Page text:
Arterial stenosis associated with diminished access inflow, characterized by elevated negative pressure, should be evaluated and corrected (see Guideline 19: Treatment of Stenosis without Thrombosis in Dialysis AV Grafts and Primary AV Fistulae).

Infection. When infected, a dialysis AV graft should be treated surgically. An untreated access infection may lead to bacteremia, sepsis, hemorrhage, and death.14,16,38,168 Surgical exploration and removal of any infected graft or graft segment is necessary for resolution of the infection because the graft material acts as a foreign body unless eliminated13,14,16,38,53,169 (see Guideline 24: Treatment of Infection of Dialysis AV Grafts).

Graft degeneration and pseudoaneurysm formation. Degenerative changes that occur within a graft and the overlying skin, including pseudoaneurysm formation with progressive enlargement, can eventually compromise circulation to the skin above the graft. This can lead to incomplete hemostasis upon needle withdrawal and ultimately to graft rupture. Thus, these degenerative changes can lead to severe hemorrhage and potentially to exsanguination and death. The Work Group believes that large pseudoaneurysms can also prevent access to the adjacent areas of the graft for needle placement, thereby limiting potential puncture sites.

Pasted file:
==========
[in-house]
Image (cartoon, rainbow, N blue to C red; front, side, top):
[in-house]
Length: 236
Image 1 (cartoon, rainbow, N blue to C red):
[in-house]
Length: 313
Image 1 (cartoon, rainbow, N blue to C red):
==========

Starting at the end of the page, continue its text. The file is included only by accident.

When to Intervene–Primary AV Fistulae

Appropriate intervention in primary AV fistulae should be initiated upon identification of:

A. Inadequate flow to support the prescribed dialysis blood flow (Evidence/Opinion)

B. Hemodynamically significant venous stenosis (Evidence)

C. Aneurysm formation–a primary AV fistula should be revised when an aneurysm develops if: (Opinion)